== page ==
The doctor noted that he follows a certain workout routine when he wakes up in the morning. This routine included doing 30 to 45 minutes of various exercises such as stretching and yoga as well as strength and high-intensity interval training (HIIT).
"I do a bit of emergency medicine and I believe what you choose to put on your plate is the most important health intervention anyone can make. I tend to wake up around 6 a.m., I sit on the edge of my bed and I say a quick mantra to myself (something along the lines of being grateful for being alive and for this beautiful day...regardless of the weather," Dr. Aujla said in a Daily Mail article.
"I drink about 700 ml of water and get on with my morning routine. Most days I eat breakfast, but other days I do a gentle fast until midday. I'll tend to stop eating by 8 p.m. and I don't eat late at night. I try and put my electronics away at least one hour before bed. I'm quite sensitive to caffeine so I hardly have a cup after 2 p.m. and my brew is a long black. I don't think I could live without single origin 80 percent [dark chocolate]. With some frozen berries and hazelnuts I'm very happy," the doctor added.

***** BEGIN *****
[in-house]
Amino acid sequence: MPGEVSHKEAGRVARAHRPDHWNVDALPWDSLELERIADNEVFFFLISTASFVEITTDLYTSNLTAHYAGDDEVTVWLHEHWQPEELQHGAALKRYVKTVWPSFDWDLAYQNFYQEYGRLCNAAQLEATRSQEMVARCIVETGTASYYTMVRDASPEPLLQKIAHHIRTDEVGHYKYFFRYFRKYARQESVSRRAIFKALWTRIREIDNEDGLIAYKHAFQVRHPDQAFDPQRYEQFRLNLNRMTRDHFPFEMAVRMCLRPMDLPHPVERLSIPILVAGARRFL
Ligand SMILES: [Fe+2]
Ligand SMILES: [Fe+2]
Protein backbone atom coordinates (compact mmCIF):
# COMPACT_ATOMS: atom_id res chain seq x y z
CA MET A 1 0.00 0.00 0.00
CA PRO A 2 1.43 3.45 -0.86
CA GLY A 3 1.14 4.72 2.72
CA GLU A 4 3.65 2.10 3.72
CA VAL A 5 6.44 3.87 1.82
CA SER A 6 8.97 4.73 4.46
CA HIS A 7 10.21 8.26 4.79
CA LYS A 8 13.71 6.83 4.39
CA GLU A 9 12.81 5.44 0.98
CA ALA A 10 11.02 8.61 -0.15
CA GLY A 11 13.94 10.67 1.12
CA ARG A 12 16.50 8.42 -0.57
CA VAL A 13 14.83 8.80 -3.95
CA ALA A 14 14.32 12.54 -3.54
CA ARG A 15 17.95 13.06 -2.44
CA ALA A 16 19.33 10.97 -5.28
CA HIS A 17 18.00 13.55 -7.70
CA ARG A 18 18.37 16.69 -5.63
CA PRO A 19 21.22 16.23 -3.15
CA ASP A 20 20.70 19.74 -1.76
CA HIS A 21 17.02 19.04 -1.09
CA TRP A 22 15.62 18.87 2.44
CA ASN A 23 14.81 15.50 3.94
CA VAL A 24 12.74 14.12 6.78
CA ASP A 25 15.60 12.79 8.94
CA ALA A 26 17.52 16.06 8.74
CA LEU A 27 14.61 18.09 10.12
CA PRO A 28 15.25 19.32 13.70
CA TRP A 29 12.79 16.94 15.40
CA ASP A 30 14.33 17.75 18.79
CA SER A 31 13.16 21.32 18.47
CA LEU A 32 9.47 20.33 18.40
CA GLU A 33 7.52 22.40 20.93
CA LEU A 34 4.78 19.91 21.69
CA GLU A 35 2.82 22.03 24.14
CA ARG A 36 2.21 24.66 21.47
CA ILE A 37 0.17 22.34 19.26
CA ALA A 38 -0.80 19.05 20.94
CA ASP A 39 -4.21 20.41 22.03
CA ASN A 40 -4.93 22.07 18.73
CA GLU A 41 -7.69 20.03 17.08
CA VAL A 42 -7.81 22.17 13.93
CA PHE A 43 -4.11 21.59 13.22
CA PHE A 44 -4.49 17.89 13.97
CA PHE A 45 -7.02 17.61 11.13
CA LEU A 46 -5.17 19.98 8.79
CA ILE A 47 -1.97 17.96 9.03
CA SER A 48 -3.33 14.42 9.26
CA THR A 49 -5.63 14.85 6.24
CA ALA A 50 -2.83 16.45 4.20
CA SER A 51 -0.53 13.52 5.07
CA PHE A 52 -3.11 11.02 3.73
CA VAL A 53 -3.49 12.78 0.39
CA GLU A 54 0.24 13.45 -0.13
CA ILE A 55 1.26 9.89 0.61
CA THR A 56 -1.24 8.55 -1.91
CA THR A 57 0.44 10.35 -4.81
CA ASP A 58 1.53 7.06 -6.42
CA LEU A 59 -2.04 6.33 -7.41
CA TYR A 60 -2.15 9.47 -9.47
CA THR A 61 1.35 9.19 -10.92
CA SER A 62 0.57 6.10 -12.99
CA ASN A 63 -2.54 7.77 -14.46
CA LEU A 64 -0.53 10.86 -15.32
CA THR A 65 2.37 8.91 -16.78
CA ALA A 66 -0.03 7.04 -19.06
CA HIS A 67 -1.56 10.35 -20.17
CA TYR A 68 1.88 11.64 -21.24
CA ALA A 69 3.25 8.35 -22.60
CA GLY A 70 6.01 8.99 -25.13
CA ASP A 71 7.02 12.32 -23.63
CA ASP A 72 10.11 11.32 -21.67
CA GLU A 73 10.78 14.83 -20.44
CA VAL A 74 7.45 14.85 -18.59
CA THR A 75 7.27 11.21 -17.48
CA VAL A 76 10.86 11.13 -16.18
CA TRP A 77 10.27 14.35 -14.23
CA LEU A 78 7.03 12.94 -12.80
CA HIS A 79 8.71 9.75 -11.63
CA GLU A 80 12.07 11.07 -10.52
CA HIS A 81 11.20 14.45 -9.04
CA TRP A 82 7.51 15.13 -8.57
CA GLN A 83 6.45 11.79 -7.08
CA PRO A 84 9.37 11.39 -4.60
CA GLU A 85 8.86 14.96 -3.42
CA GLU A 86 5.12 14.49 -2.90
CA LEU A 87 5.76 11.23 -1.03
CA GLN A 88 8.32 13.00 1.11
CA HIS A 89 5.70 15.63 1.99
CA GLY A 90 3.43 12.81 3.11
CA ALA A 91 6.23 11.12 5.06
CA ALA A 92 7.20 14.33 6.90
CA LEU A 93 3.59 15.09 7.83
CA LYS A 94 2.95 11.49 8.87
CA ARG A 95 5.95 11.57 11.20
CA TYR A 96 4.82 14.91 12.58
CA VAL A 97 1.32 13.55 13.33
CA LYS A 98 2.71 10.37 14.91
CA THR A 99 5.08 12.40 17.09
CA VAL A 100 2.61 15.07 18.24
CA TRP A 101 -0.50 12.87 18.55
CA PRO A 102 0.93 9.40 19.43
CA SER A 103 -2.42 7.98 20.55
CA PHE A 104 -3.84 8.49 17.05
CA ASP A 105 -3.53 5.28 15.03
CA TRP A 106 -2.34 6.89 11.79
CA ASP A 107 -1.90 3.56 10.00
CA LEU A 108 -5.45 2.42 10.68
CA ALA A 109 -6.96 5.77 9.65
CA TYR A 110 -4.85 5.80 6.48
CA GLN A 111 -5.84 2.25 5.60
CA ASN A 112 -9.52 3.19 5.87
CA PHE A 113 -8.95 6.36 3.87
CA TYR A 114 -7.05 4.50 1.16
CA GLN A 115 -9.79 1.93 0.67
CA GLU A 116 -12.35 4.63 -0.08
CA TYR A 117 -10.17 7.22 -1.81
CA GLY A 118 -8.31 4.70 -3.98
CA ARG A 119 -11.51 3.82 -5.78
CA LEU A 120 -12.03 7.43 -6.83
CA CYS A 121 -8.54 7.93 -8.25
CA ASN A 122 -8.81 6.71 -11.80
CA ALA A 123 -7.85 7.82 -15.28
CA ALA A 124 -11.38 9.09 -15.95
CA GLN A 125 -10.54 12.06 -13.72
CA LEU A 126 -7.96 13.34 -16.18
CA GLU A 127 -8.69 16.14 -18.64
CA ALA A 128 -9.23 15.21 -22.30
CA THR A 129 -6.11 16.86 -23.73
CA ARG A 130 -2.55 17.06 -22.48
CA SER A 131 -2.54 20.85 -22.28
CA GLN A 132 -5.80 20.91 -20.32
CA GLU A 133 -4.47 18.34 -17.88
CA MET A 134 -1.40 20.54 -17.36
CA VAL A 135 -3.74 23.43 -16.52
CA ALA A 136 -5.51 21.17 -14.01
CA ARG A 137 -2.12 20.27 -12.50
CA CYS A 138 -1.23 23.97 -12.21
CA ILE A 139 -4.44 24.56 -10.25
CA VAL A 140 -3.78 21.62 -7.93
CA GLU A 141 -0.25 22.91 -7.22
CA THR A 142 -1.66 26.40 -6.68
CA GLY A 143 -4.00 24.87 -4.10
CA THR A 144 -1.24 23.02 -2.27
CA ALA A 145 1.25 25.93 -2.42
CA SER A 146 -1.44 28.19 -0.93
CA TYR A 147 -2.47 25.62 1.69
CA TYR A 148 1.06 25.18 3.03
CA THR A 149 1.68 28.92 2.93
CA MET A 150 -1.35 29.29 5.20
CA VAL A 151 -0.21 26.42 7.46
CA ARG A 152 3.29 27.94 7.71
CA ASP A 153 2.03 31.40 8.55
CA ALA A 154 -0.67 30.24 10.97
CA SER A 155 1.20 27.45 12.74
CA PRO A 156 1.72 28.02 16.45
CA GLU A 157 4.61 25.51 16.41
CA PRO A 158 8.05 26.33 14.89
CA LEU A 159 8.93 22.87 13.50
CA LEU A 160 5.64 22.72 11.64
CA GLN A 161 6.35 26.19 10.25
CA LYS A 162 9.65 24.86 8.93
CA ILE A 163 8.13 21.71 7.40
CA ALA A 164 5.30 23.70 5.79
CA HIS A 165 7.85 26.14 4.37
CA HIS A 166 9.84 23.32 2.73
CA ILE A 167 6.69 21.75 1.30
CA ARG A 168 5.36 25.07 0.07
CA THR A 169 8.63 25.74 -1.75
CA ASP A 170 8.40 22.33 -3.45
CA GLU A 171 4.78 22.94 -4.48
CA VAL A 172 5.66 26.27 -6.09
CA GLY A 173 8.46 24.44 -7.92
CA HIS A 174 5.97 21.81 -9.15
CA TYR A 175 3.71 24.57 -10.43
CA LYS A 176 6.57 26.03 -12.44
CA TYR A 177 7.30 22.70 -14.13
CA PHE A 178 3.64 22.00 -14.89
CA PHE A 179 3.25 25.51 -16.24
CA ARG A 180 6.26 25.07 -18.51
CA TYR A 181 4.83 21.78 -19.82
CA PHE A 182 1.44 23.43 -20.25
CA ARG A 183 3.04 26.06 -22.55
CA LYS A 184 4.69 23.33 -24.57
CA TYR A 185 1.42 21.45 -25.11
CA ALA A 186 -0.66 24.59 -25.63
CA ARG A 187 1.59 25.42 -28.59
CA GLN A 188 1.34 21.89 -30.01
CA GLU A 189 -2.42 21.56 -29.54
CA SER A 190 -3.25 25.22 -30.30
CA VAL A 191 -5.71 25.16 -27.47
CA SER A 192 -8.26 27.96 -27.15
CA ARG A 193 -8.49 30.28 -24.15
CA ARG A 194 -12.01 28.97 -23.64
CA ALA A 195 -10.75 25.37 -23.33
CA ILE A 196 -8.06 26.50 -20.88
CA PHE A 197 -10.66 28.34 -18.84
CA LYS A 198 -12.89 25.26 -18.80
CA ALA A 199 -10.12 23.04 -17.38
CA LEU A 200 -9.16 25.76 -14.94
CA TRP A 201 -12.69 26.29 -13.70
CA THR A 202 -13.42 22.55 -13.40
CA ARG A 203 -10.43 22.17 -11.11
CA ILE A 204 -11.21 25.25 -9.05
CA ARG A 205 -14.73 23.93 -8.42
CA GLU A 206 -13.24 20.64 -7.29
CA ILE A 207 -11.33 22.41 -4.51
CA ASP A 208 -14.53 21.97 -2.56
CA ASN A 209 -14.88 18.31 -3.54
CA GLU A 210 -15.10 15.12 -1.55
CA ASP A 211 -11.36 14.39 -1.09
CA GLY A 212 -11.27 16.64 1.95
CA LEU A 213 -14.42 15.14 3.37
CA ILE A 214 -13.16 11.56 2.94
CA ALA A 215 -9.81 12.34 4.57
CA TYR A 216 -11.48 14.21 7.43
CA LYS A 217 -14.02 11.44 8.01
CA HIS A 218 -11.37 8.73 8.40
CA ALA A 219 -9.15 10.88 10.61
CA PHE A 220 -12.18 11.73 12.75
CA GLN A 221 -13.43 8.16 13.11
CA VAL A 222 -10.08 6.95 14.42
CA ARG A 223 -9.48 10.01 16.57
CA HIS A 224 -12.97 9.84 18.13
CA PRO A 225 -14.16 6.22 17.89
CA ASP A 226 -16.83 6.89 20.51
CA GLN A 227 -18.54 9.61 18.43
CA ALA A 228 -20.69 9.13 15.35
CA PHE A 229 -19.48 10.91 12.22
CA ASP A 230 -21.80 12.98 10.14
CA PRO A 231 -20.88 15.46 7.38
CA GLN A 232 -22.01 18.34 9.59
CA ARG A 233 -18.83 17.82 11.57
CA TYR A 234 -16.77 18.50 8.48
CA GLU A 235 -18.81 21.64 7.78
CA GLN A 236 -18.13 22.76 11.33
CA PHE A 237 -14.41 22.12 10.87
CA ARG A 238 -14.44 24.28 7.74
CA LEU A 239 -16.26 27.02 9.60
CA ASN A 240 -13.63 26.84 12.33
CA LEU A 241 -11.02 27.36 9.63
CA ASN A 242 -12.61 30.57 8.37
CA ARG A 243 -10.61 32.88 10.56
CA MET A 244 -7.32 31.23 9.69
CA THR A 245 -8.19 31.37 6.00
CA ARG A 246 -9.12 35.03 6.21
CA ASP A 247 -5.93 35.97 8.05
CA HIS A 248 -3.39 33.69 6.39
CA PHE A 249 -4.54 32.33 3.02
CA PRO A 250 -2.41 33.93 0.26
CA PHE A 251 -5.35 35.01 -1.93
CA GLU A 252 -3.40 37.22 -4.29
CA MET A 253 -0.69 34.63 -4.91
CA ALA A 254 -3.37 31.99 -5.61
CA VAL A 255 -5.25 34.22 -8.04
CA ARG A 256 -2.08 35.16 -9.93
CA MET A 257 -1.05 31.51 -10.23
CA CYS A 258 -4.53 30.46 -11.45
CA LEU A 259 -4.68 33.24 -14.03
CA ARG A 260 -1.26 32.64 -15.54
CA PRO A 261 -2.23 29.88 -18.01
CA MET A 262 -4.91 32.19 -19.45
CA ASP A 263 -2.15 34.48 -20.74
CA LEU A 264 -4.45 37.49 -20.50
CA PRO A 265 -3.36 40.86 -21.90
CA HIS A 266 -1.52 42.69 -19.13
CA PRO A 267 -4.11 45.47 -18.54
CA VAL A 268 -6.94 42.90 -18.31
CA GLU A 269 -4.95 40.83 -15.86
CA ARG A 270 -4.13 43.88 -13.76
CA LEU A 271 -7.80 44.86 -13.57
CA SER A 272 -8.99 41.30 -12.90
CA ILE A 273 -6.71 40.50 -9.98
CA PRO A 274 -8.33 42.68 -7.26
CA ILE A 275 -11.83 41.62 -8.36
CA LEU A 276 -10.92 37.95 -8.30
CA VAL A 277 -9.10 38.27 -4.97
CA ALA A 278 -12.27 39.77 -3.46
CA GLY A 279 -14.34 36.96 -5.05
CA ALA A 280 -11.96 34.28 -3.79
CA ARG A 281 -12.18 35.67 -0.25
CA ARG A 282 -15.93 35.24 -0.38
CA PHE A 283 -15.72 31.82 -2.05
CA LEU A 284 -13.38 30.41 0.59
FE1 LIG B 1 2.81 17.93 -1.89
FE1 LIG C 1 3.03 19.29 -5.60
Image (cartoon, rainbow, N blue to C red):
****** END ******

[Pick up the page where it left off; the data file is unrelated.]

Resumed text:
Dr. Aujla said that his lunches were usually leftovers from the night before. The doctor also discussed that he usually snacked on pecans, dark chocolate and berries at about 4 p.m. According to the doctor, he usually stops eating by 8 p.m. (Related: 7 disease-fighting foods to incorporate into your eating habits.)
Aside from his daily routine, the doctor also shared more tips on developing healthy food habits.
According to Dr. Aujla, people trying to adopt a healthier diet must stop the following bad habits:
The general practitioner also listed a number of foods that people need to eliminate from their diet. According to Dr. Aujla, it is important to take out refined carbohydrates, sugars, and hidden sugars to promote the body's overall health.
The expert noted that food laden with empty calories -- such as sweets, chocolate bars, and crisps as well as pastries, biscuits, and sweet granola bars -- are obvious sources of these harmful ingredients. The general practitioner also cautioned against eating the following sources of refined sugar:
The doctor also stressed that people should stay away from fake foods that label themselves as healthy alternatives and low fat substitutes and sweeteners. According to Dr. Aujla, these health claims have led to a significant rise in diet sandwiches, sweeteners, and margarine that contain ingredients that may trigger the onset of heart attack.